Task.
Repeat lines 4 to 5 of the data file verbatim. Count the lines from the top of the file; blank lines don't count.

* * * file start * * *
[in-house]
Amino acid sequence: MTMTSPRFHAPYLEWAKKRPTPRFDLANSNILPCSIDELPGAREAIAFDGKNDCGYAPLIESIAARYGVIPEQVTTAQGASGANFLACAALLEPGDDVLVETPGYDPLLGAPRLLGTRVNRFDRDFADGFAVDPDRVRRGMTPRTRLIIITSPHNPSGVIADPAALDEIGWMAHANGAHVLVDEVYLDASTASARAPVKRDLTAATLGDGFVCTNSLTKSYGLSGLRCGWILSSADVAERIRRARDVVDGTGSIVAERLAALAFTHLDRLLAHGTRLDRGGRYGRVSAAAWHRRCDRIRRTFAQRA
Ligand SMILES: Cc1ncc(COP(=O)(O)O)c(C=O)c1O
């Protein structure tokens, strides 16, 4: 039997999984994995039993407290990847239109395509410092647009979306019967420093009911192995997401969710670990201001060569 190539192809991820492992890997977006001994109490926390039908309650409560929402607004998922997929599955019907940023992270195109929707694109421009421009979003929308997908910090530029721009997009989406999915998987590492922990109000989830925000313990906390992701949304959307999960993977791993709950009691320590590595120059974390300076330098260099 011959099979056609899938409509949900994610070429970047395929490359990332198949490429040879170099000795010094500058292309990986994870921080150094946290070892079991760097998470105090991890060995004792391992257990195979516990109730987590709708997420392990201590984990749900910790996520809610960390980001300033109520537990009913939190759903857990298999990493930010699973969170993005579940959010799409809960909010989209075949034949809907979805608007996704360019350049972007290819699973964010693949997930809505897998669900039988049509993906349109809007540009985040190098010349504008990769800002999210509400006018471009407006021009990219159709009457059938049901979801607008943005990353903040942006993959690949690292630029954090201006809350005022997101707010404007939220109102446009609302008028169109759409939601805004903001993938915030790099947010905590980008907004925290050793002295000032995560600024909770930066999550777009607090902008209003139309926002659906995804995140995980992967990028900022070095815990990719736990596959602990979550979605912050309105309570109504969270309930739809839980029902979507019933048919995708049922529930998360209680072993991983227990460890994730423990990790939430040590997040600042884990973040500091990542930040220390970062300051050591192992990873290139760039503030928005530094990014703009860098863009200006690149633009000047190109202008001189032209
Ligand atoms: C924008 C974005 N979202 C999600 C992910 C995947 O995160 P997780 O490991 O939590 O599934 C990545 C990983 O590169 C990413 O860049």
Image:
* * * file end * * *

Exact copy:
């Protein structure tokens, strides 16, 4: 039997999984994995039993407290990847239109395509410092647009979306019967420093009911192995997401969710670990201001060569 190539192809991820492992890997977006001994109490926390039908309650409560929402607004998922997929599955019907940023992270195109929707694109421009421009979003929308997908910090530029721009997009989406999915998987590492922990109000989830925000313990906390992701949304959307999960993977791993709950009691320590590595120059974390300076330098260099 011959099979056609899938409509949900994610070429970047395929490359990332198949490429040879170099000795010094500058292309990986994870921080150094946290070892079991760097998470105090991890060995004792391992257990195979516990109730987590709708997420392990201590984990749900910790996520809610960390980001300033109520537990009913939190759903857990298999990493930010699973969170993005579940959010799409809960909010989209075949034949809907979805608007996704360019350049972007290819699973964010693949997930809505897998669900039988049509993906349109809007540009985040190098010349504008990769800002999210509400006018471009407006021009990219159709009457059938049901979801607008943005990353903040942006993959690949690292630029954090201006809350005022997101707010404007939220109102446009609302008028169109759409939601805004903001993938915030790099947010905590980008907004925290050793002295000032995560600024909770930066999550777009607090902008209003139309926002659906995804995140995980992967990028900022070095815990990719736990596959602990979550979605912050309105309570109504969270309930739809839980029902979507019933048919995708049922529930998360209680072993991983227990460890994730423990990790939430040590997040600042884990973040500091990542930040220390970062300051050591192992990873290139760039503030928005530094990014703009860098863009200006690149633009000047190109202008001189032209
Ligand atoms: C924008 C974005 N979202 C999600 C992910 C995947 O995160 P997780 O490991 O939590 O599934 C990545 C990983 O590169 C990413 O860049």